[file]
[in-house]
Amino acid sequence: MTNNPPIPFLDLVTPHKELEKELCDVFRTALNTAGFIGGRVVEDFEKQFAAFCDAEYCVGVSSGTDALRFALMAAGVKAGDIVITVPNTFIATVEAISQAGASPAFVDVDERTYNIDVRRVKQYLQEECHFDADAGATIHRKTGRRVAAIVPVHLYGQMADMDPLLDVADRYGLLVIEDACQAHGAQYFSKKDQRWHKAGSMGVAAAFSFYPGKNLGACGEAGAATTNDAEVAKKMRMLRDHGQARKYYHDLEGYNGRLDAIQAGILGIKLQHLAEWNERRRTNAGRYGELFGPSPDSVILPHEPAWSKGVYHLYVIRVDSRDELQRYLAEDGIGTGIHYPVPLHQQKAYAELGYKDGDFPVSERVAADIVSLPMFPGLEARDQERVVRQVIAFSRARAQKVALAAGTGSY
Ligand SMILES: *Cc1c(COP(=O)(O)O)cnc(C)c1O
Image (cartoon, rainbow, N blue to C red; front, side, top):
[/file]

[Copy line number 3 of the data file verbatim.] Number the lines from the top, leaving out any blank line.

Ligand SMILES: *Cc1c(COP(=O)(O)O)cnc(C)c1O